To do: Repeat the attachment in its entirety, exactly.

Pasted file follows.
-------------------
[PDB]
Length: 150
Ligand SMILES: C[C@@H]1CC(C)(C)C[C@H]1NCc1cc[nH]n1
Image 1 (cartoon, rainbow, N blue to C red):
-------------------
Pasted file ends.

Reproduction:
[PDB]
Length: 150
Ligand SMILES: C[C@@H]1CC(C)(C)C[C@H]1NCc1cc[nH]n1
Image 1 (cartoon, rainbow, N blue to C red):